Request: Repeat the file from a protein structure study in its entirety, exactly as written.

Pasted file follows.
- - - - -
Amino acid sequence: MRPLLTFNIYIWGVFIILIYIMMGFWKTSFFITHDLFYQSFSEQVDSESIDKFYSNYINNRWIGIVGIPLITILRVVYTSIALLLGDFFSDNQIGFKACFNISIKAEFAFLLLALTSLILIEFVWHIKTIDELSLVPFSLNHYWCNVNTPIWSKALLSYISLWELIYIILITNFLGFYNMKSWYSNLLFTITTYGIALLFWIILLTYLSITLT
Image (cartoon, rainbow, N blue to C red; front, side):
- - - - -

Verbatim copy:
Amino acid sequence: MRPLLTFNIYIWGVFIILIYIMMGFWKTSFFITHDLFYQSFSEQVDSESIDKFYSNYINNRWIGIVGIPLITILRVVYTSIALLLGDFFSDNQIGFKACFNISIKAEFAFLLLALTSLILIEFVWHIKTIDELSLVPFSLNHYWCNVNTPIWSKALLSYISLWELIYIILITNFLGFYNMKSWYSNLLFTITTYGIALLFWIILLTYLSITLT
Image (cartoon, rainbow, N blue to C red; front, side):